Build Log: SCD41 CO2 Sensor

CO2 concentration is a proxy for how well a space, especially an enclosed one, is ventillated. To this end I build a quick-n-dirty CO2 sensor using a SCD41 breakout board from pimoroni and bits and pieces I had in the workshop.

Took the opportunity to practice making enclosures, especially for an irregularly shaped circuit. The enclosure was designed in FreeCAD by taking a picture of the circuit then importing it as a reference image. After correct for scale the designed enclosure was reasonable accurate, needing only some small tweaks to dimensions to correct forperspective distortion. The result was then 3D printed on my FF Creator Pro.

The enclosure provides openings for a button (currently unused), a "cage" for the CO2 sensor, display and micro-USB port.

In addition to practicing painting techniques, I also wanted to try new ways of "labelling" my projects. Water-slide decals are widely used in model kits, and it turns out you can buy blank sheets with which to make your own decals with! I picked a cheap'ish option off Amazon. Just search for "water slide decal clear laser". Once they arrived it was a simple matter of designing the decals in inkscape, printing it out and cutting them to size. To complete the build, a plastic primer was applied, followed by colour coats, then a clear coat was applied, followed by the decal, followed by 2 more layers of clear coat.

Overall quite happy with the outcome! Could have done more sanding before applying paint to hide the layer lines better and the a matte coat I think would have worked better. Nonetheless the decal idea worked out well and I think it will be my goto - a big improvement over permanent markers.


Unexpected Latency in Tinyproxy

I love tinyproxy, it is simple to setup and more than enough for my needs. Recently however I noticed that some clients were experiencing unexpected long delays when doing something as simple as curl google.com. After some sleuthing, I tracked it down to the fact I had

LogLevel Info

in my config. When this is set tinyproxy produces log entries such as

CONNECT   Mar 28 08:46:41 [7023]: Connect (file descriptor 7): [unknown] []

the [unknown] is due to tinyproxy attempting and failing to resolve the connecting IP into a hostname. It is this attempt to map IP to hostname that is causing the latencies observed. To resolve this I added offending IP to /etc/hosts some-host-name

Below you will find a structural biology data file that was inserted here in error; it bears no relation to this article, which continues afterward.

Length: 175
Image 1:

with the above entry the latency went away and the log entries now look like

CONNECT   Mar 28 20:39:49 [6879]: Connect (file descriptor 7): some-host-name []

Conda and Slow Proxies

The default conda connect timeout is 9.15 seconds (no idea why this is, seems to have been the case from day one). If the proxy is slow, e.g. it is in another country or AWS region, this timeout can be triggered and conda will prematurely close the connection.

To diagnose this issue, attempt 

curl https://repo.anaconda.com/pkgs/main/linux-64/current_repodata.json

with proxies enabled. If that works then increase the connect timeout as follows

conda config --set remote_connect_timeout_secs 30

conda should now be able to update and install new packages etc.


Installing python package arcgis in conda on Apple Silicon

 In order to install the arcgis package in conda, you have to specify the architecture osx-64 otherwise the package will not be found. This works because MacOS will capable of running x86_64 code on Apple Silicon processors - that is how efficient they are!


conda install -c esri/osx-64 arcgis 

In fact to make everything else work you need to add the channels with architecture specified exactly, e.g. conda-forge/osx-64, esri/osx-64 and defaults/osx-64. Otherwise packages will be installed with a mix of architectures and appears not to be able to find each other.